To neutralize gossip, communicate early and often, Rutledge advised. "Be repetitive with the message, be clear, break it down, keep it simple."

When Rutledge first took office, he launched a series of e-mails called "Straight Talk" that challenged rumors flying around about his plans for Kentucky's Office of Information Technology. That did the trick, he said.


Tailor the Message
CIOs also need to keep their audience in mind, tailoring the medium and message to the targeted person's needs.

"The key thing with IT people, the majority of them are probably introverts," Rutledge said. Although they want their leaders to talk to them in person, many prefer to respond via e-mail, instant messaging or other electronic pipelines that don't make them feel quite so exposed, he said.

Some employees can take instructions for a project and respond to them immediately, Bertolini said. Others need to go off and think about it. To figure out which members of his supervisory team fall into which camp, each member took a personality test.

The tests helped Bertolini understand why he wasn't getting through to some employees: They needed more time to mull things over. Armed with this knowledge, he changed his approach. "If I knew that was the way they processed," he said, "I would talk about the project, and I would say, 'Why don't we set up a subsequent meeting, and we'll talk about the details and see where we need to go from here?'"

No matter how a person communicates, to make sure the message gets through, it's essential to provide a feedback loop, Foote said. If workers lack formal channels for response, they turn to informal ones. "Look at blogs - people who know nothing talking as authorities," he said.

An official response mechanism keeps false information from spreading and helps the executive pinpoint and correct misunderstandings, Foote said. "You may be getting across something that you're not intending to. Without feedback, you don't know that."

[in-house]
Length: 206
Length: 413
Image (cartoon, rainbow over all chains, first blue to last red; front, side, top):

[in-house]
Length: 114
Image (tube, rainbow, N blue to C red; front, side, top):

One key to eliciting useful feedback, and also gaining trust, is to provide plenty of lead time. "You're not going to walk in one day and say, 'We're doing this in two weeks and, oh by the way, give me your input,'" Bertolini said. "If you're going to engage, truly engage with them."

To encourage employees to point out problems before they throw a project off track, some organizations hold workshops on how to speak up. Executives are often the ones who create the atmosphere that stifles comment - intentionally or not - so they can play a key role in making employees feel safe, Concours' Shimberg said.

"If you're going to teach these skills, get the leaders to teach them, or get them involved," he said. An executive who tells employees face-to-face that bearers of bad news won't get in trouble is much more likely to keep that promise than one who simply includes that message in a handbook or memo.


Dialog Becomes Habit
With formal communications channels in place, two-way dialog becomes a habit. Among other benefits, that continual exchange keeps workers up-to-date on IT developments beyond their daily activities.

One method Kentucky uses to encourage information sharing is a town hall meeting for the state's more than 600 IT employees. These will soon become available via streaming video and a teleconferencing link for those who can't participate in person, Rutledge said.

Also, the three major offices in the IT organization hold weekly 15-minute "office stand-ups" to exchange information and recognize employee accomplishments. Rutledge tries to attend these at least once per month. "I'll go up and ad hoc whatever the topic is for the day or whatever the questions may be," he said. "I'll just speak freely and loosely and take questions." 

Nebraska's CIO publishes a monthly internal newsletter to keep staff informed on major technology initiatives, and on relevant activities in the Legislature and governor's office. Decker asks staff to contribute articles, which must include a contact name and phone number, so readers who want more information know where to call.

This kind of exchange helps counteract the tendency of many employees to pay attention exclusively to their own concerns.

"You can't function in those silos," Decker said. "We have to get a broader sense of, 'What's going on with the person next to me?'"


Merrill Douglas is a contributing writer based in upstate New York. She specializes in applications of information technology.

Merrill Douglas Contributing Writer